No one sends real Christmas cards anymore.
This is a development that is bad in almost every way.
Without personal, physically-stamped, hand-addressed, delivered by the United States Postal Service Christmas cards what are we left with?
A Facebook post that says "Merry Christmas"? That's not giving me my holly jollies.
A glossy Snapfish postcard of your excessively-posed crotch fruit? No thanks. I don't need to see you holding some impractical prop and sporting an impossible smile.
A text message? Sure, it is easy but it has all the charm of an Ian Kinsler interview.
The only thing that shows up in the mail anymore that even resembles a Christmas card is from some faceless corporation thanking me for building up another year of rewards points.
Old-fashioned Christmas cards were perfect: warm, fuzzy, ridiculously stylized and cheesy. They made a great display hanging from the ceiling by a ribbon or propped open on a mantel. They were great to send too. All you had to do is pick a design from among the 20-packs of cards at Meijer and you were on your way. With these babies there was no importing, cropping, adjusting, printing and shipping. You simply got to spend 60 seconds writing the recipients name and address on the card. Just enough to consider the person fondly but not enough to actually have to care about them deeply.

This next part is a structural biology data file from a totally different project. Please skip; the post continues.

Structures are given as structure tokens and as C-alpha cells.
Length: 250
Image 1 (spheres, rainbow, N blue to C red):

The Old-fashioned cards were far less narcissistic. They had scenes of, you know, Christmas or Hanukkah stuff. Even the religion-free "cute snowman with a attractive song bird perched on its shoulder" didn't come with a two-paged, single-spaced letter giving me your accomplishment year-in-review.
Anyway, before I go full Jerry Green on you all, let's move on.
I'm happy to report that the Christmas card is not completely dead. I was very happy to see several holiday cards sent from my favorite Detroit Tigers.